COSTLEY & Costley, the Ayrshire-based hotel group, has returned to profit, boosted by the return from capital investment made to develop its properties in preceding years.

The operator, whose portfolio includes the Lochgreen and Brig o‘Doon hotels, booked a pre-tax profit of £113,456 for the year ended September 30, accounts newly filed at Companies House show. Led by classically-trained chef Bill Costley, alongside wife Cath and son Andrew, the firm booked a loss of £128,614 the year before, when increased costs and competition across the sector hit the bottom line.

The firm’s latest accounts show that turnover increased by 1.3% to £10.1 million, which, in addition to cost control measures, helped lift the company’s gross profit margin up by 0.8% to 70.1%. This was despite conditions continuing to be challenging in the hospitality market.

Writing in the accounts, Mr Costley, who attended cooking school in Versailles, said: “The directors continue to focus on improving the quality and service associated with the Costley brand to further enhance customer experience.

“The extensive programme of capital investment carried out throughout the group in 2016 and 2017 has generated improvements in both turnover and profit in 2018.”

Mr Costley, who began his career at the Caledonian Hotel in Ayr, added: “It is anticipated that the group will continue to see the benefits of the capital investment into this current year with both turnover and profit expected to improve.”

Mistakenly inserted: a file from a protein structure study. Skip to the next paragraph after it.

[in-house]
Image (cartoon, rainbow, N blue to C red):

In an interview with The Herald in August, Mr Costley revealed his aspiration to add a swimming pool and new banqueting facility at Lochgreen, a popular wedding venue. He underlined his ambition to further develop the properties in the firm’s in the accounts, stating: “A further investment of £200,000 has been approved to develop the restaurant at the group’s five-star property at Lochgreen House Hotel. The programme of investment is ongoing with future plans to develop the Lochgreen House Hotel banqueting facilities.”

Mr Costley has been a vocal critic of the UK’s vote to leave the European Union (EU), and worries that restrictions on the ability of Scottish hotels to recruit staff from within the bloc will harm the sector.

He told The Herald in August: “I can’t for the life of me understand why anyone would want to [leave the EU],” Mr Costley said.

“I don’t get it at all. I’d prefer a federal Europe to be honest.”